Manage Your Pain: Practical and Positive Ways of Adapting to Chronic Pain - Michael K. Nicholas, Allan Molloy, Lee Beeston, Lois Tonkin (2012)
Chapter 17. Dealing With Flare-Ups and Set-Backs
Most people with chronic pain report their pain varies in intensity through the day, often depending on what they’ve been doing. If you have been using the ADAPT approach regularly you should have fewer flare-ups than previously, but they will still happen.
At times, your pain may get quite intense and difficult to bear, but it will often settle within a few hours. However, from time to time your pain may flare-up for a few days or even longer. No matter how long the increased pain lasts, you may have trouble keeping up your activities and exercises.
How long such flare-ups or set-backs last and how much trouble they cause will strongly influenced by the ways in which you deal with them.
You could simply wait till it happens, then stop everything, start taking pain killers or tranquillisers again, tell yourself the ADAPT approach hasn’t worked, call the doctor out, and retire to bed for as long as it lasts. But what would be the likely result of that approach?
You probably don’t need to think about it very long at this stage, but it is hard to see how that approach would really help, especially if it keeps being repeated.
On the other hand, if you accept that such temporary set-backs or flare-ups are bound to happen sooner or later, you could work out a plan well in advance and then put it into practice as soon as you become concerned about it.
There probably isn’t a “best way” of dealing with set-backs or flare-ups that will work for everyone. But, by trying out different ways of dealing with set-backs you will eventually work out a plan that works best for you. Some basic strategies could help you to get started.
We have found it helpful to take this in stages. When your pain flares-up initially you won’t really know how long the flare-up will last (even though you may start to think it could last forever). In most cases the flare-up will not last more than a day or so. In these cases that is all you need to get through. So, your initial strategies should be based on dealing with that period.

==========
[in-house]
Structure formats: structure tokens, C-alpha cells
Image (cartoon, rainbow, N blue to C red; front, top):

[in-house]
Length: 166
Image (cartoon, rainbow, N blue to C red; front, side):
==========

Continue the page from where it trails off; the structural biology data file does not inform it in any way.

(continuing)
In other cases, the flare-up may go on for several days. That will mean you have to plan to deal with it over that time.
On the next page is an outline of a basic plan for dealing with the initial flare-up stage.
When your pain flares-up – a brief checklist
1) STOP AND THINK – What’s happening? (clarify the problem)
– Have I been overdoing something?
– What can I do now – what are my options?
– Work out a plan.
2) IF POSSIBLE, TAKE YOUR TIME BEFORE REACTING
– Reacting without thinking (panic) could make things worse.
– Identify any negative, unhelpful thoughts and instead think of other, more helpful ways of looking at the situation
3) THINGS YOU COULD TRY
– Stop what you have been doing – have a short break. Look for something else to do for a while (eg: lie down briefly, go for a walk, do some stretch exercises).
– Relaxation – calm yourself – spend a couple of minutes (or more) practising your relaxation technique.
– Use your desensitising technique – calmly focus your mind on the pain. Let it be there, don’t try to push it away or block it. Remember, it’s just activity in your nerves, and you are OK – it’s not harming you.
– Identify any negative thoughts – be realistic. Thinking the worst never helps, instead you can remind yourself of more realistic and helpful thoughts. “I know I can’t make my pain go away completely, but I can cope with it”. “I’ve coped with this pain before, I can do it again”. “Even when it gets really bad I know it won’t stay like that”.
– You might have to change some of your plans for the day. You may have to pace things more for the rest of the day. What are your priorities – what can be left?
4) THINGS TO AVOID
– Carrying on without thinking (“I’ll just get this finished, then I’ll stop”).
– Over-reacting (catastrophising) – you’ll only get more upset.